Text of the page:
Lying a few degrees south of the equator, in the Western Indian Ocean, Seychelles enjoys temperatures in the 24-32°C range and there is no dry season. April is generally the month with the warmest weather and a drop in wind speed. As the smallest African country, with a population of less than 100,000, Seychelles is never the less one of the most famous and desirable holiday destinations on the planet. We take a look at fashion on the island and find some surprising and interesting facts.
Before gaining independence in 1976, much of the island’s workforce was dedicated to agriculture, with cinnamon and vanilla being the two chief exports, which left much of the population in subsistence-level conditions. Things started to change with the opening of The Seychelles International Airport in 1971. As international travel became more wide spread and affordable, so the economy of the island changed. Now the old farms employ around 3% of the population, while tourism-related industries employ more than 30% of the workforce – and the service sector, overall, contributes 66% of the country’s revenue.
The result of all these dramatic changes over the past 40 years is that Seychelles is now one of the richest countries in Africa – producing more per person than almost anyone else. Here at Africa Fashion, we know that where wealth goes – so fashion follows. That is especially true when you are surrounded by beaches like this.
Most children are born outside of marriage so, as a society, it is matriarchal – with women running the households, controlling expenditure and looking after the interests of their children. Which is also going to colour the local fashions.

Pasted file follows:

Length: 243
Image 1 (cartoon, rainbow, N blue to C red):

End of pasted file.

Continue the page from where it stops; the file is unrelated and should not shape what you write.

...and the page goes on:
While the University of Seychelles focuses on hardcore academic subjects, the Polytechnic provides a much wider programme, including visual arts courses. These include Fashion and Textile courses where the units cover Machine Technology, Pattern Cutting, Block Cutting, Garment Construction, Illustration and Dying.
One of the more dramatic flags in the world, Seychelles’ national symbol represents the sky, sea, sun, people, land and harmony. The country’s fashion is just as dramatic and divergent.
Men wearing shorts and women wearing short skirts in the evening is generally frowned on. Aside form that, Seychelles fashion is a generous mixture – borrowing and blending from across the planet – with some of the most dramatic couture and original art affiliated with the Sega Dance.
Experts argue about the origins of the dance and the associated clothing, with influences coming from as far away as Brazil, but the focus is really on the Creole-speaking people from Mauritius, Seychelles and Madagascar.
Moutya is another music-inspired fashion from the island, where floral patterns and costumes are routed in the dance.
Africa Fashion will be revisiting Seychelles in more detail soon. For now, enjoy this slide show of some of the island’s more dramatic outfits. Let us know what you think over on Facebook.